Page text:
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Marking Policy Review – Tilted Perspectives

We’ve already had a workload review from the DfE. It didn’t achieve much. Still, at the end of last year the DfE announced another review, with three panels created to assess the impact of workload in our schools – Marking, Data and Planning. One can hardly doubt that this is in response to the recruitment and (more significantly) retention crisis facing our schools, however much Nick Gibb might deny that such an issue exists. Still, I thought I would blog a few thoughts, specifically about its Marking Policy Review panel, as I believe this to be the key driver of so many workload issues facing teachers today. Below are three key areas where, and why, I think it will be disappointingly limited in perspective.


School contributors

Nine representatives from schools have been invited to contribute to the panel. These are:


St. George’s RC Primary School – inspected 2007, interim letter 2011 – Grade 1

Churchend Primary – inspection 2008 (EY 2015), academy conversion 2012 – Grade 1

Wensley Fold CofE Primary Academy – inspected 2009, academy conversion 2013 – Grade 1

Shaw Primary Academy – inspected 2011, academy conversion 2013 – Grade 2

Plantsbrook School – inspected 2011, academy conversion 2012 – Grade 1

Rise Park – inspected 2011, academy conversion 2014 – Grade 2

Barr Beacon School – inspection 2014, academy conversion 2012,  – Grade 1

The Wroxham School – inspection 2014, academy conversion 2012 – Grade 1

Portsmouth High School – no OFSTED inspection


So what does this tell us? That the majority of schools contributing to a review of marking policy and workload have had no recent contact with OFSTED, and the majority have been graded as outstanding (with a couple ‘good’) meaning they have had no negative recent contact with OFSTED either. Of the nine schools represented, seven have not had an OFSTED inspection in four years or more – in that same time other schools could have had two or three.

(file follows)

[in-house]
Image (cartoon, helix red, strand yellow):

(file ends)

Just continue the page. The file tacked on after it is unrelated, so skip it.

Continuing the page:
This really matters. As I have written previously.

It should be noted that those schools graded ‘outstanding’ and ‘good’ have more latitude in being magnanimous with their marking policies. I wish they would keep this in mind when proclaiming to the rest of the world how else it could be done. It is no surprise that schools in the lower grade categories implement such onerous policies upon their staff (further reinforcing that cycle which really they need to break.) After all, at the very least they need to show that Something Is Being Done.  Yet those at the top end, with consistently strong results and the kind of intake that almost locks in the top category grades (hot air about coasting schools notwithstanding) can experiment with different strategies and a more imaginative marking approach that will be tolerated by inspection teams so long as positive results keep landing on the doormat each August.

Those at the bottom simply do not have that freedom. And in fairness it might be considered reckless to do so: should they try, then they immediately hand OFSTED a great big stick to hit them with should their results fail to do anything other than transform overnight.

In other words, a huge blind spot appears – the impact OFSTED inspections can have on workload and marking policies, particularly in those schools given a poor grading (we’ll leave for now the correlative link between socio-economic indicators and OFSTED gradings). Meaning that those schools whose workload issues derive from OFSTED intervention and feedback, and the necessity that this should be the case, are without a direct voice.

This seems such an obvious statement, and such an evident issue, that one would naturally be inclined to question why such perspectives should not be included. To suggest, as some might, that outstanding schools are designated as such precisely because of the impact of their marking and feedback policies, such that their wisdom and best-practice should be allowed to trickle down to those who need to improve, is such a flimsy and disingenuous claim that I’m doubtful anybody would ever seriously make it. As such, it would not be a huge leap of the imagination to wonder if the composition of the panel might just be ordered toward downplaying the detrimental impact OFSTED can have on schools, and more particularly the workload and well-being of the staff in those schools upon whom it delivers its judgement.



I would never suggest that any one full-time classroom teacher has a harder time with marking than any other. I simply couldn’t know and wouldn’t presume to ask – I assume that every subject has its unique challenges and every teacher works hard to meet them. I would also be unwilling to say that marking in secondary is any tougher than it is in primary, or vice-versa – I take it is as axiomatic that the demands of each are excessive, and trying to turn this into a comparative issue for bragging rights is not particularly helpful.

However, it is a truism that the nature of a marking policy can impact different departments in different ways. For example, to take a secondary marking policy, then (all things being equal) a policy with a specific focus on literacy intervention is going to have a different impact on PE than it will, say, History (which is not to downplay the extensive commitments PE colleagues have to after-school activities, which History doesn’t). This is just a statement of the obvious.